Advertisement

Security, Legal and Ethical Aspects of Computerised Health Data in Europe

  • C. Quantin
  • F.-A. Allaert
  • C. Daniel
  • E. Lamas
  • V. Rialle
Chapter
Part of the Health Informatics book series (HI)

Abstract

The European directive 95/46/CE has defined the legal framework of all personal data collection and treatment and the right of patients about the processing of their personal medical information. The development of telemedicine and domotics are real services provided to the patients but the raising new questions about the share of liability in case of medical litigation and the protection of patients’ privacy when a camera is permanently at home. Solutions protecting privacy may be found by using security tools based on cryptography and therefore then main technical principles must be known.

Keywords

Liability Data protection Security Personal data Telemedicine Patient’s right Cryptography 

References

  1. Allaert FA, Le Teuff G, Quantin C et al (2004) The legal acknowledgement of the electronic signature: a key for a secure direct access of patients to their computerised medical record. Int J Med Inform 73(3):239–242PubMedCrossRefGoogle Scholar
  2. Anonymous ‘Convention n°108 (28 January 1981) for the Protection of Individuals with regard to Automatic Processing of Personal Data’Google Scholar
  3. Anonymous ‘French law “Loi informatique et libertés”, Act n°78-17 of 6 January 1978, on information technology, data files and civil liberties’Google Scholar
  4. Anonymous ‘Post i-2010 priorities for new strategy for European information society (2010–2015).’ http://ec.europa.eu/information_society/eeurope/i2010/docs/post_i2010/090804_ipm_content.pdf
  5. Anonymous ‘Since EHR systems may contain a large amount of data over a long period of time, the new European legal framework should also foresee, among other things, the need for a comprehensive logging and documentation of all processing steps that have taken place within the system, combined with regular internal checks and follow-up on correct authorization, and regular internal and external data protection auditing. See also European Commission Commission Recommendation of 2 July 2008 on cross-border interoperability of electronic health records’, C (2008) 3282 final, 2 July 2008, Point 14(k). It will also be an important challenge for legislators to guarantee that all groups in society (including single parents, homeless persons, the elderly and disabled, isolated communities, etc.) have equal access to electronic health records. See also European Commission, ‘e-Health – making healthcare better for European citizens: an action plan for a European e-Health Area’, COM (2004) 356 final, 30 April 2004, 15’Google Scholar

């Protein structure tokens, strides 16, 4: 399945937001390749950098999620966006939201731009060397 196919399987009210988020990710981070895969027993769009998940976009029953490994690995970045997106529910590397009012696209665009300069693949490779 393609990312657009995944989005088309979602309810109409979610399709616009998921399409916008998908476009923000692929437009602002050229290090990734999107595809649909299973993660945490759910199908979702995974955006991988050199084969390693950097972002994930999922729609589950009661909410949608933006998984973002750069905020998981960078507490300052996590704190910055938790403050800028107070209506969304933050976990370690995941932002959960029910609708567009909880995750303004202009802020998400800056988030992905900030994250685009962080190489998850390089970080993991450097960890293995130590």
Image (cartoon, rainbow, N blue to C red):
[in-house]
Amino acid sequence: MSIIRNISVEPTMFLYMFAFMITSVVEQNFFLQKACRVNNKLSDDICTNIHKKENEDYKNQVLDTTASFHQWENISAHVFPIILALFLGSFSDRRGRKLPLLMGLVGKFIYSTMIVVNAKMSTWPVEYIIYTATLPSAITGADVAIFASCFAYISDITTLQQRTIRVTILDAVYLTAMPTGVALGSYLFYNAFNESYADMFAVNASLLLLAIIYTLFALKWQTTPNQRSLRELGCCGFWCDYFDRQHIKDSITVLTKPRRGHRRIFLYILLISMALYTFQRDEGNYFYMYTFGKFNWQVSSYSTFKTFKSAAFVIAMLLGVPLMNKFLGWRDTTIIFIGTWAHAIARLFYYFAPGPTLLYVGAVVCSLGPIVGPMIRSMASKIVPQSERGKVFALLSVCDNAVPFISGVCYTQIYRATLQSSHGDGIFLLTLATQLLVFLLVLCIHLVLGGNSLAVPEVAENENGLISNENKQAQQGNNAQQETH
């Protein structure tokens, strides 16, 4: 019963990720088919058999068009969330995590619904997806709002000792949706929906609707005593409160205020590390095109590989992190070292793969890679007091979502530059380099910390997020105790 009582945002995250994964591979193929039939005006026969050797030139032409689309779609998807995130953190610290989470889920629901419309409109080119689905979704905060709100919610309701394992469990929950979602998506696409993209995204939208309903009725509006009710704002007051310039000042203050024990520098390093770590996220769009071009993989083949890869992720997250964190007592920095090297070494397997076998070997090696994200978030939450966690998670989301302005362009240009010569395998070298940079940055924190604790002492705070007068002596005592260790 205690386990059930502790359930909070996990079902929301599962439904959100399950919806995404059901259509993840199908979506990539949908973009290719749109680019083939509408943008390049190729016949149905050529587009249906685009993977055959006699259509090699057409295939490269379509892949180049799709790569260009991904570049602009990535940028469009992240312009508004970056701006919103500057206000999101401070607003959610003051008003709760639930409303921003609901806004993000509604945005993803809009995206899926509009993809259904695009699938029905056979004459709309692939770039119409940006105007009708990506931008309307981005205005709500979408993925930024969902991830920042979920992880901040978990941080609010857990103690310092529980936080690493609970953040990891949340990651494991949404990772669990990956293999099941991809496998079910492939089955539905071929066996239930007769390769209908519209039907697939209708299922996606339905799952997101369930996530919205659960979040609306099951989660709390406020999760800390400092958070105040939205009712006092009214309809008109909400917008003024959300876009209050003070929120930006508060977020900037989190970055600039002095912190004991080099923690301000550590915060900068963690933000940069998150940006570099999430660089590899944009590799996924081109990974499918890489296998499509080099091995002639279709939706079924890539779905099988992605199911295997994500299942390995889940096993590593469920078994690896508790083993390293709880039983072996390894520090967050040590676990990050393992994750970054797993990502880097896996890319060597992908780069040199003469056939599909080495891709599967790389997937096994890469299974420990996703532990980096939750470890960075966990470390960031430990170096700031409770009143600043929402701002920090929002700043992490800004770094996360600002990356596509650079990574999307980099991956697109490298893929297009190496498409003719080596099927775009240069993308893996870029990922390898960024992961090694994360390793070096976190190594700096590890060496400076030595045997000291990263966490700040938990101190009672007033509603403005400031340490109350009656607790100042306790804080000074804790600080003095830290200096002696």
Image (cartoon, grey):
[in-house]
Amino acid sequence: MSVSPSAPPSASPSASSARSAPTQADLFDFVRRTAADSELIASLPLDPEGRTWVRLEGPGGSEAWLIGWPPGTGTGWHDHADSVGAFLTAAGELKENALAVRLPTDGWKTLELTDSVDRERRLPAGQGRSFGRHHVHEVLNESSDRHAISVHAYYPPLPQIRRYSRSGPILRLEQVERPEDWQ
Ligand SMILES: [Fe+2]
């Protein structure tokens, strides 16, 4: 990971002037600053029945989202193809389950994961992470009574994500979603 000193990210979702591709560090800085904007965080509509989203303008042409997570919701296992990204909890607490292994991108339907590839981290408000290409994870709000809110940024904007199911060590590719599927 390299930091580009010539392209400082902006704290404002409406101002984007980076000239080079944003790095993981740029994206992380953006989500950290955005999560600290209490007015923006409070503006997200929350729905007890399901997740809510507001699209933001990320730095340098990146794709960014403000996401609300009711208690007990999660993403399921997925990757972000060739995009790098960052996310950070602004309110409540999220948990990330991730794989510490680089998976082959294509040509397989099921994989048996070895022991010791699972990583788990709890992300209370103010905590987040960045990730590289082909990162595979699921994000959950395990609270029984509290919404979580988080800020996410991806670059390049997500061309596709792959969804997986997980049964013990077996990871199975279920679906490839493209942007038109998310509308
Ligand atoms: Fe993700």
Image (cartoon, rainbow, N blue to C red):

6. Anonymous ‘Directive 95/46/EC on the protection of individuals with regard to the processing of personal data and on the free movement of such data’Google Scholar
  7. Armstrong BK, Kricker A (1999) Record linkage – a vision renewed. Aust N Z J Public Health 23(5):451–452PubMedCrossRefGoogle Scholar
  8. Arney D, Venkatasubramanian KK, Sokolsky O et al (2011) Biomedical devices and systems security. Conf Proc IEEE Eng Med Biol Soc 2011:2376–2379PubMedGoogle Scholar
  9. Bellare M, Canetti R, Krawczyck H (1996) ‘Message authentication using hash functions’, the HMAC construction. RSA Laboratories’CryptoBytes 2:1–5. http://www.cs.ucsd.edu/users/mihir/papers/hmac.html/
  10. Blakely T, Woodward A, Salmond C (2000) Anonymous linkage of New Zealand mortality and census data. Aust N Z J Public Health 24(1):92–95PubMedCrossRefGoogle Scholar
  11. Borst F, Allaert FA, Quantin C (2001) The Swiss solution for anonymously chaining patient files. Stud Health Technol Inform 84(Pt 2):1239–1241PubMedGoogle Scholar
  12. Carretero S, et al (2012) Can technology-based services support long-term care challenges in home care?: analysis of evidence from social innovation good practices across the EU, in European Commission – Joint Research Centre. (http://www.epractice.eu/files/Can%20Technology-based%20Services%20support%20Long-term%20Care%20Challenges%20in%20Home%20Care_%20Analysis%20of%20Evidence%20from%20Social%20Innovation%20Good%20Practices%20across%20the%20EU_%20CARICT%20Project%20Summary%20Report_0.pdf)
  13. Chen YY, Lu JC, Jan JK (2012) A secure EHR system based on hybrid clouds. J Med Syst 36(5):3375–3384Google Scholar
  14. Chryssanthou A, Varlamis I, Latsiou C (2011) A risk management model for securing virtual healthcare communities. Int J Electron Healthc 6(2–4):95–116PubMedGoogle Scholar
  15. Churches T, Christen P (2004) Some methods for blindfolded record linkage. BMC Med Inform Decis Mak 4:9PubMedCrossRefGoogle Scholar
  16. Coatrieux G, Quantin C, Allaert FA et al (2011a) Lossless watermarking of categorical attributes for verifying medical data base integrity. Conf Proc IEEE Eng Med Biol Soc 2011:8195–8198PubMedGoogle Scholar
  17. Coatrieux G, Auverlot B, Roux C (2011b) Watermarking – a new way to bring evidence in case of telemedicine litigation. Stud Health Technol Inform 169:611–615PubMedGoogle Scholar
  18. Cormen TH, Leiserson CE, Rivest RL, Stein C. Introduction to algorithms, 3rd edn. Edition Dunod. Collection: Sciences SupGoogle Scholar
  19. Couris CM, Gutknecht C, Ecochard R et al (2006) Estimates of the number of cancer patients hospitalized in a geographic area using claims data without a unique personal identifier. Methods Inf Med 45(5):515–522PubMedGoogle Scholar
  20. Das S, Kundu MK (2012) Effective management of medical information through a novel blind watermarking technique. J Med Syst 36(5):3339–3351Google Scholar
  21. Engelbrecht R, Hildebrand C, Jung E (1995) The smart card: an ideal tool for a computer-based patient record. Medinfo 8(Pt 1):344–348PubMedGoogle Scholar